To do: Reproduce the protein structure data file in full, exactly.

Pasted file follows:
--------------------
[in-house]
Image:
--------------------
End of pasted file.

[in-house]
Image: